The world that young people live in is very different from when we were kids, with technology and digital tools used for everything from checking facts to connecting with people around the world. Though many schools prohibit the use of smartphones, there are some interesting ways of integrating tech into your lesson plans.
Virtual field trips
When the budget won’t stretch to a field trip, modern digital platforms offer a virtual alternative. Google Street View is an excellent opportunity to wander around a capital city without having to leave the classroom, plus there are virtual tours and panoramic views for multiple cultural attractions, such as the Sistine Chapel, the Eiffel Tower and the Empire State Building.
Videos bring lessons to life
There are countless online videos that can be used to strengthen a lesson, from popular educator Eddie Woo’s maths lessons, to the delightful Art for Kids Hub, which shares daily exercises by a highly creative family.
Try video conferencing
If you contact a subject specialist, such as a children’s writer, illustrator or entertainer, but they can’t manage to visit in person, there’s a chance they could speak to your class via Skype or Google Hangouts. This way they can squeeze a session into their busy schedule much more easily and answer all of your students’ questions in real time.
Listen to podcasts
By mixing relevant podcasts with traditional teaching, you not only make the content more engaging but also blend auditory learning into the occasional lesson. There are so many podcasts out there, including those by children’s authors, experts in a range of topics, and interesting people who have tons of insight to share with your class. By listening to the podcast beforehand and making note of useful snippets, you can then pause and fast forward so that the children hear the most valuable bits.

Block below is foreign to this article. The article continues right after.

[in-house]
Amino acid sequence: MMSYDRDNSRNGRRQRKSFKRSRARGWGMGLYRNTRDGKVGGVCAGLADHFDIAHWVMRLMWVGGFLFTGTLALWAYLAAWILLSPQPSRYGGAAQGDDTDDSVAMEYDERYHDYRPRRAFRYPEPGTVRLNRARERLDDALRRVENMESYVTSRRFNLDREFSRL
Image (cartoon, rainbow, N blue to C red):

Make all presentations visual and colourful
A far cry from overhead projectors, modern presentation tools allow animations, videos, sound effects and all kinds of other audio-visual elements to be added. This will greatly help to keep the students’ attention and can be great fun, which adds to the content being memorised.
Is your class on Twitter?
Many schools have individual year groups and classes that have their own Twitter accounts. This needs to be run by the teacher and permission does of course need to be gained from parents first, but once up and running it can be a fantastic way of finding information, joining Q&As and sharing successes. Mundella School in Sheffield is an excellent example, as every single class has its own account.
Set up a student blog
Websites such as Blogger.com provide multi-user blogs free of charge. Through a student blog, the children can talk about what they’ve learnt, their goals for the year, their personal achievements and much more. As always, the teacher needs to be in charge of adding content and must take into account any privacy/confidentiality factors, such as only referring to children by a first name or initial. You can have a lot of fun with this and if you’re looking for inspiration we recommend checking out the blog of Harrison Primary School in Hampshire.
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